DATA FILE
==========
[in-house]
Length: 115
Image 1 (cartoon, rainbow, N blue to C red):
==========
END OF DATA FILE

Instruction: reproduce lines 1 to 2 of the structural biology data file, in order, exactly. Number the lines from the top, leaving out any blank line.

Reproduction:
[in-house]
Length: 115